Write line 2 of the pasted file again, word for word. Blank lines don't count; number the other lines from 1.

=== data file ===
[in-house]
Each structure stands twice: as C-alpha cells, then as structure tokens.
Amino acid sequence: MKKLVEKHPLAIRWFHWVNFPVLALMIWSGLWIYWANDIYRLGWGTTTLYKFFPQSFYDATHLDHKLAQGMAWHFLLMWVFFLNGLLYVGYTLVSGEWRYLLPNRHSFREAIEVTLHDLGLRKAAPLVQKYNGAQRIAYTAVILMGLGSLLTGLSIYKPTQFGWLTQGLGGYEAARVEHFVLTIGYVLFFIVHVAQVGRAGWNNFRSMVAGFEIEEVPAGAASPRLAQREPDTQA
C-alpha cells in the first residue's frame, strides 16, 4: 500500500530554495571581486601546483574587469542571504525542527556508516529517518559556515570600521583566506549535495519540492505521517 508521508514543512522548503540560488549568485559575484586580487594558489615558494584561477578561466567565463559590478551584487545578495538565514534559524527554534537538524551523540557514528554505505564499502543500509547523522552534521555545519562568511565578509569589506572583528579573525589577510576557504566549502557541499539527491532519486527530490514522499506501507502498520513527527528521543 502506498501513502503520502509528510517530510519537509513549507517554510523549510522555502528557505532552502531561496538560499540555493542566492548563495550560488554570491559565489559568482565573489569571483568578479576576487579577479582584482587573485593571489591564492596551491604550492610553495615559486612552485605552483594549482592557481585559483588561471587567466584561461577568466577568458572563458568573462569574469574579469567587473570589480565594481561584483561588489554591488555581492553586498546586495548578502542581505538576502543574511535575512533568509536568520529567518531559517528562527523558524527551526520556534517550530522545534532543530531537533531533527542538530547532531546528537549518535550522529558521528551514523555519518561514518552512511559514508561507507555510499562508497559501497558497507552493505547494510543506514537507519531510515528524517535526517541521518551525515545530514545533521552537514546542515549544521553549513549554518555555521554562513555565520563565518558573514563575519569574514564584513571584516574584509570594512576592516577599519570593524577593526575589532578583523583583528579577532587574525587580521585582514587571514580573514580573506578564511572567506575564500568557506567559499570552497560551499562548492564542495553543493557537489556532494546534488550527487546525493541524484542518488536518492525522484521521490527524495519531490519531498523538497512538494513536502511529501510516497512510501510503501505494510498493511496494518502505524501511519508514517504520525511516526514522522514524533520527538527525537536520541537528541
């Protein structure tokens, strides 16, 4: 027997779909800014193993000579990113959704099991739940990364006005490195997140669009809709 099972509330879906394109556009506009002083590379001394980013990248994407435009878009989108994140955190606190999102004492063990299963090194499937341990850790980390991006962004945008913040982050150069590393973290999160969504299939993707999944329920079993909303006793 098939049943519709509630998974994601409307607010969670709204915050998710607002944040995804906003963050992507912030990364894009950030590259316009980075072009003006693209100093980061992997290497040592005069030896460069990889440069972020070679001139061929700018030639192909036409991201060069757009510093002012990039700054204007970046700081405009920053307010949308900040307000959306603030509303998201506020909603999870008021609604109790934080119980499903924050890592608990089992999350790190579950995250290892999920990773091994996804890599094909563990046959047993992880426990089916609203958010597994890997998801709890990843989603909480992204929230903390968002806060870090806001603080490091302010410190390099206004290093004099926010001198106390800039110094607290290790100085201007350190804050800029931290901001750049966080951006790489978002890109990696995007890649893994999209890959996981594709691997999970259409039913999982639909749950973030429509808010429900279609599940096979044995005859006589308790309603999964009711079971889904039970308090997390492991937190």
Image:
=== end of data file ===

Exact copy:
Each structure stands twice: as C-alpha cells, then as structure tokens.